Under the title of "Chondrodermatitis Nodularis Chronica Helicis," Winkler1 in 1916 published the first study of painful nodules of the helix. The lesions of his eight cases were described as being cherryseed size with firmly attached central crusts which were painful under pressure. Upon removal of the crusts a small well-defined ulcer with an erythematous base remained. The skin lesions were attached to the cartilage. Episodes of infection beneath the crusts were common. Winkler believed that the cartilage had been damaged by traumatic, chemical, or thermal influence to the extent that it acted as a foreign body, provoking an inflammatory reaction in the skin.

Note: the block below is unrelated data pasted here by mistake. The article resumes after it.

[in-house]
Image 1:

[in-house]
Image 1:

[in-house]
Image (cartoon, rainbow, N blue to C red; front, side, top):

Foerster's2 (1918) findings on nodules of the helix, the first report in American literature, were in essential agreement with those of Winkler.
In a 1929 report, Fox3 classified similar nodules of the anthelix as chondrodermatitis nodularis chronica helicis. Lane and Bechet, in their
BARKER LP, YOUNG AW, SACHS W. Chondrodermatitis of the Ears: A Differential Study of Nodules of the Helix and Anthelix. AMA Arch Derm. 1960;81(1):15–25. doi:10.1001/archderm.1960.03730010019002
Artificial Intelligence Resource Center
Customize your JAMA Network experience by selecting one or more topics from the list below.